Why we fly
“I don’t believe she would be here today if it wasn’t for the helicopter flying her to hospital so quickly. The air ambulance got her to the right place in time to get the lifesaving treatment she needed,” says her Mum Sally.
Laura was driving to work near her home in Newbold Verdon, Leicester in February 2018 when her car wheel clipped a grass verge causing her to skid into a wall. She sustained a serious head injury which led to a blood clot on the brain.
Laura was cut from the car. It was immediately apparent that she had a brain injury so she was put into an induced coma by the air ambulance crew with the assistance of East Midlands Ambulance Service clinicians and a doctor from the East Midlands Immediate Care Scheme (volunteer doctors who assist the East Midlands Ambulance Service).
She was transferred onto the helicopter which took just eight minutes to fly her to the trauma unit at University Hospital Coventry.
Sally (Mum) had been picked up from work by the police and rushed to the hospital to be with her daughter. By the time she got to the Accident & Emergency Department Laura was in the emergency area still on the stretcher used to air lift her and her Dad (Mark) arrived a few minutes later.
Laura was then moved to the Critical Care Unit where she remained stable until the fourth day when her brain swelling was so severe that she needed to have a craniotomy operation to relieve the pressure.
For the next 24 hours it was touch and go if Laura would survive as she had little to no brain activity. It was an agonising wait for all her family and her boyfriend Fraser to find out how she would be.
Thankfully her condition slowly started to improve and she was kept in the induced coma for 12 days. “We didn’t know if she was going to make it or not,” says her Mum Sally.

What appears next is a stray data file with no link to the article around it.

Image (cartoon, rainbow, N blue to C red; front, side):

She adds: “I felt reassured from the beginning knowing that the air ambulance had attended Laura’s accident. This ensured she was air lifted to a specialist head trauma hospital which would give Laura the best care needed for her recovery.”
Laura spent four weeks in critical care before being transferred to the neurosurgical rehabilitation ward at Leicester General for five weeks recovery.
Laura had the operation to have her bone flaps put back into her skull in August 2018 but after a recent scan it was disappointing to discover that her bones had not taken and she is waiting surgery for metal plates to now be put in.
However, Laura has made a remarkable recovery and is back driving and working fulltime as a healthcare assistant and enjoying life with a holiday to Thailand and climbing Mount Snowdon to name a few of her adventures.
“My story could have had a very different ending without the air ambulance crew getting me so quickly to the surgeons and critical care team who I needed to keep me alive. Without them I would not be here today,” she says.
Laura has set up a JustGiving page https://www.justgiving.com/fundraising/laura-mystory to raise funds for the local air ambulance in recognition of what they did for her.
“I want to show my thanks to the air ambulance by raising funds. I’m hoping by sharing my story more people will be aware of how important this service is to all of us, as they save so many people’s lives – just like mine. I’m hoping to do a charity fundraising event later this year to help reach my target,” she says.